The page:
Without any doubt, Arsène Wenger is one of the greatest and most memorable managers football has ever seen. He had an impact on Arsenal unlike any other manager in history at one club. Due to that, it was understandably hard for Unai Emery who took over from him in 2018.
In the summer of 2019, Arsenal signed the Spaniard Dani Ceballos on loan from Real Madrid. It’s the 23-year-old central midfielder’s first season outside of Spain since he played for Betis, Sevilla in his youth and also played for their senior side before he joined Real Madrid in 2017. However, he wasn’t able to become a regular starter and due to that, it seemed like a logical step to move to London to get more time on the pitch.
However, after only four months at the Gunners for Ceballos, Emery was sacked in November 2019 and Freddie Ljungberg took over as interim manager. In December, Mikel Arteta became the head coach and since then it seems like Arsenal are at the very least a bit more stable.
In this data analysis, we will compare the statistics of Ceballos in the English Premier League under Emery and Arteta (he hasn’t played when Ljungberg was in charge due to injury). Therefore, by looking at some data of the Spanish midfielder we want to see changes in his role and performance.
Ceballos has played 708 minutes this season while Emery was in charge and 796 minutes since Arteta appointment. Considering this, he played about the same amount of time under the respective coaches. To have an ideal comparison, I calculated all of the data per 90 minutes.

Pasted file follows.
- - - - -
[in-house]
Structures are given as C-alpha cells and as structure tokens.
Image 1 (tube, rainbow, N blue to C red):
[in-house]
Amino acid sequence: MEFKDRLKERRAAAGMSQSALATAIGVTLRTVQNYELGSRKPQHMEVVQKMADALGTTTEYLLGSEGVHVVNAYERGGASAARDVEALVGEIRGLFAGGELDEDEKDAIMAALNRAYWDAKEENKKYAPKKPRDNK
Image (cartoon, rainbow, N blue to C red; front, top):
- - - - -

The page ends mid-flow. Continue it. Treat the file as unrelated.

Below, we can see the statistics for the central midfielder under Emery (blue) and Arteta (red) in seven different statistics.
Basically, we can see that except for losses per 90 and successful defensive duels per 90, we have quite a difference between the two time periods. The greatest one can be seen when we look at the interceptions he made. 1.91 under Emery while he now makes 4.52. One central reason for the better defensive statistics is surely the improved pressing tactics under Arteta. He also loses the ball fewer times but additionally makes 1.19 fewer touches in the box per 90 compared to his time under Emery.
Ceballos makes more back passes and passes to the final third even though he played more passes under Emery (56.95 under Emery vs 54.38 under Arteta). This indicates that he has currently occupied a slightly deeper role and is more often than not the one who brings the ball to the final third instead of receiving it there.
In general, most of his statistics like passing accuracy, dribbling success rate, clearances, through passes, and expected assists (xA) have slightly improved and it seems like he feels more comfortable under Arteta. Of course, these are only minor changes and we should not take the manager as the sole reason behind his resurgence, but the statistics clearly tell us that Arteta has found a better way to implement Ceballos in his tactical plan compared to Emery.